Geniuses have a strong desire to work hard and long. They’re willing to give all they’ve got to a project. Develop your drive by focusing on your future success, and keep going.
Definition and Word Origin
Drive is the energy and determination you have to achieve things and your strong desire for success. Drive also includes having the power to act or take charge before others do. The word comes from the Old English drifan, meaning “to urge (a person or animal) to go forward.”
The Drive of Charles Goodyear
It was the early 1830s when rubber fever hit America. No one had ever seen anything like it. It was stretchy and waterproof and came from the mysterious jungles of South America. Everyone from New York to California wanted rubber shoes, rubber boots, and rubber jackets. Factories popped up to meet the rising demand, and great fortunes were made.
Excitement quickly turned to disappointment when the shoes, boots, and jackets froze solid in the winter and turned gooey in the summer. To make matters worse, when rubber melted, it stank. Refunds were given, factories were shut down, fortunes were lost. And just like that, rubber fever turned into the great rubber crash of 1834. Everyone gave up on rubber — everyone except Charles Goodyear.
Charles and his father owned a hardware store in Philadelphia. After years of success, their business ran into financial trouble in 1833, leaving the Goodyears in considerable debt and bankruptcy. This led Charles to decide to become a professional inventor, going on to create such things as new faucets and button-making machines. But none of his creations made money, and the Goodyears stayed in debt.
However, it was one invention, air valves, that led him to what would become his lifelong focus. He was visiting New York City when he came across a store selling inflatable life preservers. Upon examining them, he found their air valves to be of very poor quality. Knowing he could do better, he went home to Philadelphia, determined to devise a better valve.
Months later, he returned with an improved valve and presented it to the store clerk. Goodyear was told he should instead focus on the rubber itself because every one of the store’s life preservers had melted into sticky, stinky blobs.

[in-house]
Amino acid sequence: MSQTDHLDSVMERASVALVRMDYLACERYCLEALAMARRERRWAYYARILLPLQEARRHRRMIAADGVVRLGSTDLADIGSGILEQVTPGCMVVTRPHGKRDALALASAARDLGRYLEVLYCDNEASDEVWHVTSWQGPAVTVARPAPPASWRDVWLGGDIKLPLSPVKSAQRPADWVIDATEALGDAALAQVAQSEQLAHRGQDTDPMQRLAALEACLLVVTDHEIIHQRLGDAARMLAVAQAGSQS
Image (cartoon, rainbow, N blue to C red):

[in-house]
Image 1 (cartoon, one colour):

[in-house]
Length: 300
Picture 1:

Goodyear returned home, ready to work, his mind focused on rubber. Upon arriving, he was arrested and locked into debtors’ prison. This did not diminish his willingness to give it his all. He brought a few samples of rubber and his wife’s rolling pin to his cell and spent his days pressing, folding, and stretching the rubber, all in an effort to figure out its secrets.
After his stay in debtor’s prison, Goodyear returned to his loving family without a cent to his name. He sold many of his family’s possessions to put food on the table but remained focused on the rubber problem: how to make it stay strong and stretchy no matter the temperature.
For the next many years, despite hardships that would cripple most — moving his family from home to home, endless debt, constant charity, more time in debtor’s prisons, and nearly fatally poisoning himself in the lab — Goodyear stayed focused on solving the problem.
Without a doubt, his darkest days were in 1836 when William, his only son, passed away when he was just a toddler, becoming the third of Charles’s and Clarissa’s children to pass away in infancy. During this period, he remained focused, “My anticipations of ultimate success never changed, nor were my hopes for a moment depressed.”1
Finally, after years of focused drive, some luck came Goodyear’s way. He was mixing rubber sap with sulfur and accidentally dropped the mixture onto a hot stove. When he removed the blob from the heated surface, it felt leathery and stretchable. He tested it in both cold and heat, and it stayed strong. He had done it!
Unfortunately, he didn’t understand exactly what happened. What was the temperature of the stove? How long did the process take? How much sulfur was the right amount? For the next many days, he tried to recreate the process without success. These unsuccessful experiments stretched on for weeks and then months. When he ran out of fuel to burn at home, he found local blacksmiths willing to lend their furnaces to him at the end of their workdays. When furnaces weren’t available, he turned his wife’s kitchen into a lab. He baked rubber in bread pans, dangled it over steaming teapots, toasted it in the oven.
This trial and error continued until he perfected the process. Then on June 15, 1844, five years after his accidental discovery, Goodyear was awarded the US patent for his rubber-making process, which later became known as vulcanization — named after the Roman god of fire. He spent the next many years creating various everyday things from rubber: small household items, furniture, medical instruments, and more. This may have been what pleased Goodyear the most, “I have taken great satisfaction in trying to invent and improve articles of necessity and convenience for the use of man.”
He showed off his creations in a huge display he called the “Goodyear Vulcanite Court” and took it to the world’s biggest fairs: London 1851, Paris 1855. These events won him great praise and awards: The Great Council Medal in London, The Grand Medal of Honor in Paris, and the Cross of the Legion of Honor — presented to him by the Emperor of France — in recognition of his services as a public benefactor.
Because Goodyear gave it all he had and always focused on future success, rubber makes the world go round: from the tires on millions of cars to the soles on billions of shoes to the covers of trillions of wires.
YOU ARE A GENIUS
With future success in mind, Charles knew exactly what he wanted and kept going. What important projects are you willing to work long and hard for? What future successes will you have?